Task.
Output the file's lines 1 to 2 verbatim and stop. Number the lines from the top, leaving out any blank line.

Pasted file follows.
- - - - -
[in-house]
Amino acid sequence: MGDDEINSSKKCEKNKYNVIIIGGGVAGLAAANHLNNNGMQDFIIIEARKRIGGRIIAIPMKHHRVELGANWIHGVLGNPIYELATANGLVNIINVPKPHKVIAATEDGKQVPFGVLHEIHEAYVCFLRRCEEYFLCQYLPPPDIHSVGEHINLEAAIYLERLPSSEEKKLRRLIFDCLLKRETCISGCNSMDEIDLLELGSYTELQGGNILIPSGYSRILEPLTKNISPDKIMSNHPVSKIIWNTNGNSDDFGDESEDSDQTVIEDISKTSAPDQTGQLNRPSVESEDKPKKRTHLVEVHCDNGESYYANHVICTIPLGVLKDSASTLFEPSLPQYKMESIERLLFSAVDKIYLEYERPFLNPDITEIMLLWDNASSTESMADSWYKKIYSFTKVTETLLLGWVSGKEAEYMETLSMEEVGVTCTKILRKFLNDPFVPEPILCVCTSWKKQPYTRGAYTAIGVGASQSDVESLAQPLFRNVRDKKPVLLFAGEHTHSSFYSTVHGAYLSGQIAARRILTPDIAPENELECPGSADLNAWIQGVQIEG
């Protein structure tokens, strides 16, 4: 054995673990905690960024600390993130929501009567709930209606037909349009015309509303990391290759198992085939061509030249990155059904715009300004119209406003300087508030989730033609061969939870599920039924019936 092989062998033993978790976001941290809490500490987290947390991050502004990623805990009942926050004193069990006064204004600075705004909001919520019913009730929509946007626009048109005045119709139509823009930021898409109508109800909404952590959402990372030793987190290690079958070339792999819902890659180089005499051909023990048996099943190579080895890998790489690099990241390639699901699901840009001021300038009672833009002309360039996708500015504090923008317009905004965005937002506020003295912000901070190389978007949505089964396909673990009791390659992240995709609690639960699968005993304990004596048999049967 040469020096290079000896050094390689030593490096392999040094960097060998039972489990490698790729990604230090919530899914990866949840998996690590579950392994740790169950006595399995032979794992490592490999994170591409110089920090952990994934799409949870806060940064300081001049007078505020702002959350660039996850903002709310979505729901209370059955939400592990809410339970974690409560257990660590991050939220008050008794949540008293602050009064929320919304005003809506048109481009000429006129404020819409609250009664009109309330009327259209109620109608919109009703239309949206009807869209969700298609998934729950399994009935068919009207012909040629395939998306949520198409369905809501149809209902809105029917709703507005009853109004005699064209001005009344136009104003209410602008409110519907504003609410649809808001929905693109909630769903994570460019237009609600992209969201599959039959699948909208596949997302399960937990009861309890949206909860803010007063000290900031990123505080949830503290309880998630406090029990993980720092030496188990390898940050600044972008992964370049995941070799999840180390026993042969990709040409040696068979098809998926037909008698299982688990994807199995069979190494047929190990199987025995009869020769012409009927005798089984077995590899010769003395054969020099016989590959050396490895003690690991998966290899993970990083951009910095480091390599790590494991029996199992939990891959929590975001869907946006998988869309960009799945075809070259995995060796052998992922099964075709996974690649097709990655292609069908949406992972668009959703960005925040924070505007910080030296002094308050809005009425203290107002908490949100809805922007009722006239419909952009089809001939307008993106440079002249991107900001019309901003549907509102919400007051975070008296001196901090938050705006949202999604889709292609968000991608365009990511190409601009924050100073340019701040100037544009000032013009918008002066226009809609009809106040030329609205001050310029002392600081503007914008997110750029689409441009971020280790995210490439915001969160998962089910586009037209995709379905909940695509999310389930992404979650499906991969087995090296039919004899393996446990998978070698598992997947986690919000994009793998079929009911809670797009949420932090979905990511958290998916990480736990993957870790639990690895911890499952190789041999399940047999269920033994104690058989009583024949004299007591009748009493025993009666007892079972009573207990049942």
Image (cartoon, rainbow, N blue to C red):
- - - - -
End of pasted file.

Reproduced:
[in-house]
Amino acid sequence: MGDDEINSSKKCEKNKYNVIIIGGGVAGLAAANHLNNNGMQDFIIIEARKRIGGRIIAIPMKHHRVELGANWIHGVLGNPIYELATANGLVNIINVPKPHKVIAATEDGKQVPFGVLHEIHEAYVCFLRRCEEYFLCQYLPPPDIHSVGEHINLEAAIYLERLPSSEEKKLRRLIFDCLLKRETCISGCNSMDEIDLLELGSYTELQGGNILIPSGYSRILEPLTKNISPDKIMSNHPVSKIIWNTNGNSDDFGDESEDSDQTVIEDISKTSAPDQTGQLNRPSVESEDKPKKRTHLVEVHCDNGESYYANHVICTIPLGVLKDSASTLFEPSLPQYKMESIERLLFSAVDKIYLEYERPFLNPDITEIMLLWDNASSTESMADSWYKKIYSFTKVTETLLLGWVSGKEAEYMETLSMEEVGVTCTKILRKFLNDPFVPEPILCVCTSWKKQPYTRGAYTAIGVGASQSDVESLAQPLFRNVRDKKPVLLFAGEHTHSSFYSTVHGAYLSGQIAARRILTPDIAPENELECPGSADLNAWIQGVQIEG